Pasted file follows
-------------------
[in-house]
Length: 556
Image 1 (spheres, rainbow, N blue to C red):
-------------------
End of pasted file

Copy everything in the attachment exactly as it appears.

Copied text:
[in-house]
Length: 556
Image 1 (spheres, rainbow, N blue to C red):